Schaller has now recorded three separate performances of four-movement versions of the Ninth: initially, in 2010, the completion by William Carragan, then Schaller’s own completion using Bruckner’s own fragmentary sources, notably sketches, drafts and a fully scored sheet which he supplemented for his completion; for this new 2018 recording, Schaller has revised his own 2016 completion. It makes complete sense that Schaller, a renowned Bruckner specialist, having had the experience of performing his own completion, would wish to review, revise and enhance his first thoughts. For the three completed movements, he uses the 1894 original version edited by Leopold Nowak (1951), the most widely used version chosen for recordings by eminent conductors such as Abbado, Barenboim, Bernstein, Celibidache, Eschenbach, Gergiev, Giulini, Haitink, Jochum, Karajan, Thielemann and Wand.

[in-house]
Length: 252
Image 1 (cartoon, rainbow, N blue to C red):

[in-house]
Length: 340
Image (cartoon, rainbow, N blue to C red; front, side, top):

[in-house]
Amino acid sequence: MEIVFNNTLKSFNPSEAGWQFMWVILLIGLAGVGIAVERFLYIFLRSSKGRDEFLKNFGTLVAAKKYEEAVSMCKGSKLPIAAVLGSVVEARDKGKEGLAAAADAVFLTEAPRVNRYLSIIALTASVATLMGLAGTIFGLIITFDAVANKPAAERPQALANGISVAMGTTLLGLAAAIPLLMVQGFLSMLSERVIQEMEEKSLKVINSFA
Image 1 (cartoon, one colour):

I have heard the Ninth in its three-movement form several times in live concert and many times on record, but find this to be a work which, in the right hands, still has the ability to convey a sense of awe. I recall a glorious performance in 2016 from the WDR Sinfonieorchester Köln under Marek Janowski which was part of the Dresdner Musikfestspiele, with those magnificent waves of sound reverberating around the Frauenkirche. Some months ago, at the Musikfest Berlin 2018, I enjoyed a similarly striking performance with Valery Gergiev conducting the Münchner Philharmoniker in the Philharmonie.